– Drago Nemec, sitting on a brown couch in his home after his shift at West Central Turkeys, pokes a finger against his scarred right shin, just above the ankle. An uneven lump bulges tight against the skin.

“Shrapnel,” he explains with a resigned smile, “from a grenade.”

Nemec was injured while serving in the Bosnian army as it defended the city of Gorazde, in Bosnia-Herzegovina, against Serbs during the Bosnian War. Five years later he sought refuge in the United States and resettled, in 1996, in this small town in western Minnesota.

Like many contemporary immigrants and refugees, Nemec hoped to break through the isolation of small-town Minnesota and find a way to forge connections while also, perhaps, sharing a bit of his cultural background. Soon he began taking photos of muskies and walleyes for a Bosnian fishing magazine. His digital camera has since become his tool for sharing Eastern European life with Minnesotans, often at festivals and photography competitions in western Minnesota.

Across Minnesota’s rural landscape, immigrant and refugee artists and artisans are able to share a bit of their heritage with the help of arts groups, local festivals and public money that supports cultural pursuits.

“Newer immigrants and refugees are aware of that tension — aware of those shared lives, and that gets revealed in their work,” said Lisa Rathje, a folklorist and teacher at Goucher College in Baltimore. Rathje traveled throughout Minnesota as a consultant for the Minnesota State Arts Board, looking, in particular, for examples of folk art and was struck by the work of immigrant and refugee artists.

Indeed, the State Arts Board, through its Folk and Traditional Arts funding program, has provided thousands of dollars in grants to artists in rural Minnesota, many of them from recent immigrant groups.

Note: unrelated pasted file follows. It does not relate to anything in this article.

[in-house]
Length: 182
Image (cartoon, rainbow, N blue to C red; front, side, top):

The broadening ethnic dimension of rural Minnesota is evident in Pelican Rapids, an Otter Tail County town of 2,500 people where Somalis, Eastern Europeans, Latin Americans and others were first drawn by work at West Central Turkeys and other agricultural industries.

The city’s diversity is captured in a community quilt, called the “Tapestry of Friendship,” on display at the local library. The 25 patches on the quilt were made by local women with roots in older immigrant communities — such as Norwegian, Swedish, Dutch and Irish — and newer ones, including Somali, Bosnian and Mexican. American Indian culture is also represented.

Just a few blocks away, in his small blue house near the city’s downtown corridor, Nemec — a scale computer technician at the turkey plant — shows off two gold medals and a bronze that he won at photography contests. His passion, he admits, is more about exhibits and competitions than sales. “I just make what I like,” he says.

Asked whether he ever tries to blend his two identities through his lens, Nemec thinks for a moment. “No. I really don’t mix the two. I show Bosnia in my work and I also show America. I am part of both.”


Gregg Aamot is a former reporter for the Associated Press and the author of “The New Minnesotans: Stories of Immigrants and Refugees.”